Obviously, this wouldn’t be romantic fiction without Nadia and new partner Jack having ups, downs and various trials, but it’s not a spoiler to say it all comes good – which is exactly what you want on a crappy news day!

The Mum Who Got Her Life Back is published by Avon.

To find out more about Fiona Gibson and her books, why not check out her website? Alternatively, you can connect with her on Twitter.

Please note: I was sent this book for review. All opinions are, as ever, my own.

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Blog Tour: The Confessions of Frannie Langton by Sara Collins

They say I must be put to death for what happened to Madame, and they want me to confess. But how can I confess what I don’t believe I’ve done?

1826, and all of London is in a frenzy. Crowds gather at the gates of the Old Bailey to watch as Frannie Langton, maid to Mr and Mrs Benham, goes on trial for their murder. The testimonies against her are damning – slave, whore, seductress. And they may be the truth. But they are not the whole truth.

For the first time Frannie must tell her story. It begins with a girl learning to read on a plantation in Jamaica, and it ends in a grand house in London, where a beautiful woman waits to be freed.

But through her fevered confessions, one burning question haunts Frannie Langton: could she have murdered the only person she ever loved?

What I Thought:

As someone who has dabbled in writing, thanks to NaNoWriMo, it’s always particularly galling when a debut novel comes to your attention, and you find that it is superbly written and generally excellent. And so it is with The Confessions of Frannie Langton.

Sara Collins has produced a highly researched and beautifully evocative novel of the early 19th Century, with all the good and bad things that that implies. While the slave trade has been stopped, Frannie herself is still a slave in Jamaica as the British continue to argue about whether the practice should be outlawed altogether – but how terrible to remove a man’s property without compensating him! Don’t you just love how people justify bad things to each other?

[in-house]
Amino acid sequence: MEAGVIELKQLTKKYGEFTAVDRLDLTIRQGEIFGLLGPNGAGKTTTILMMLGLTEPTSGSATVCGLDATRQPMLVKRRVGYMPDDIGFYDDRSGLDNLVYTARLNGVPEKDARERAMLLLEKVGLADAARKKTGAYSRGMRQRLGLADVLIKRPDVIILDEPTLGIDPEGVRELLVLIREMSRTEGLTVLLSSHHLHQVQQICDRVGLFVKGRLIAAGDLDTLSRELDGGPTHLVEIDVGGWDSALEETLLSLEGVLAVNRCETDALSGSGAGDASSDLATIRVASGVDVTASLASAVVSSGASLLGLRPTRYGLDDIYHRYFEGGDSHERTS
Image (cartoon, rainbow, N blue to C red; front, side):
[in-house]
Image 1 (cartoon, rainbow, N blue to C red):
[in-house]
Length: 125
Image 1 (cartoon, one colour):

This book, however, adds extra wrinkles to Frannie’s character in that she is taught to read by her mistress and then instructed to assist John Langton with his experiments to prove that Whites and Blacks are not related, and that Blacks are inferior in every way – as you can imagine, this is enraging to read framed in modern times but, I am assured, was a common enough practice at that time.

We don’t find out exactly what has gone on until the end of the book but, based on Frannie’s character and subsequent behaviour, we can assume that it was horrific to witness and take part in.

I can’t explain much more of the plot without straying into spoilers, but Frannie’s relationship with ‘Madame’ is compelling and, again, beautifully researched and written.

Loving historical fiction as I do, this book is an excellent example of the genre and definitely one to add to your reading list. Not only is is a good read, it is a prime example of books as art, as it has been beautifully designed, with an embroidered design on the cover which is embossed and overlaid with gold foil, and gorgeous endpapers of a contemporary William Morris design – I honestly could not stop running my fingers over the cover as I was reading!

To find out more about this book and Sara Collins, you can connect with her on Twitter.

The Confessions of Frannie Langton is published in the UK by Viking Books.

This post is part of the blog tour celebrating the publication of The Confessions of Frannie Langton. For more reviews and exclusive content, why not check out some of the brilliant blogs below?